USAF T-38C Downed by Bird Strike

USAF T-38C Downed by Bird Strike

On 17 August 2018, Northrop Grumman T-38C Talon 68-8206 of the USAF 71st Flying Training Wing, crashed in a field approximately 62 miles west of its base at Vance AFB, Oklahoma.

The jet trainer was the lead of a two ship formation performing low-level training. The USAF Accident Investigation Board report, released 20 March 2019, explains that:

While flying at approximately 1,000-1,500 feet above the ground and looking over his left wing at his wingman, the [pilot of the T-38C] heard a loud noise on the right side of the aircraft.

USAF Northrop Grumman T-38C Advanced Trainer from Lacland AFB, TX (Credit: USAF Master Sgt Lance Cheung)

USAF Northrop Grumman T-38C Advanced Trainer from Lackland AFB, TX (Credit: USAF Master Sgt Lance Cheung)

The pilot, an instructor and the sole occupant, then heard an audible fire warning, saw the right (number 2)engine fire light and detected indications of right-hand flight control hydraulic and right generator failures.

While initiating a climb away from the low-level route, the [pilot] experienced a degradation in aircraft controllability and his wingman reported seeing a visible fire…. The [pilot]  successfully ejected from the aircraft, sustaining minor injuries.

The aircraft was approximately 3,000 feet AGL, 195 knots, 10 degrees nose low, and with a descent rate of 3,500 feet per minute [with] approximately 60 degrees of right bank at the time of ejection.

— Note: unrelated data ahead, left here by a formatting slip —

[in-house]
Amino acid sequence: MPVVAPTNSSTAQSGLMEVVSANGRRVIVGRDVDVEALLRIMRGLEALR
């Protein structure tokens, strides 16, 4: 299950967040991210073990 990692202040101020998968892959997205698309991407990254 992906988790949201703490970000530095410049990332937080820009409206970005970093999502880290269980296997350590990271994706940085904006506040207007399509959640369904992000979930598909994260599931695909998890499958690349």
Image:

The T-38C, valued at $11mn, was destroyed.

The investigation found the aircraft had ingested a Swainson’s Hawk, typically 0.9 kg (32 oz), into the number 2 engine.   The bird was identified by experts at the Smithsonian Institute.

Swainson’s Hawk (Credit: Dominic Sherony, CC BY-SA 2.0

Swainson’s Hawk (Credit: Dominic Sherony, CC BY-SA 2.0

Investigators say:

This bird strike caused the catastrophic loss of the engine and a fire in the forward engine bay. The fire melted through the aircraft skin, exposing the Flight Control and Utility Hydraulic Systems’ flexible hydraulic pressure and return lines to extreme heat, causing the degradation, and ultimate loss, of aircraft controllability. However, the fire and loss of flight control authority necessitated ejection…

Safety Resources

We have previously written:

About 8% US military of all Class A, B and C aviation mishaps from fiscal 2011 through 2017 resulted from wildlife strikes, according to data obtained by Military Times.

Aerossurance has extensive air safety, operations, airworthiness, human factors, aviation regulation and safety analysis experience.  For practical aviation advice you can trust, contact us at: